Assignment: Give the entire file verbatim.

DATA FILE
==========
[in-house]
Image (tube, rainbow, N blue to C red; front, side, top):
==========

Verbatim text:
[in-house]
Image (tube, rainbow, N blue to C red; front, side, top):